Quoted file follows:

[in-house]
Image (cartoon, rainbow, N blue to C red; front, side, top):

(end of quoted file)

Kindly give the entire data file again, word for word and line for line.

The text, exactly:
[in-house]
Image (cartoon, rainbow, N blue to C red; front, side, top):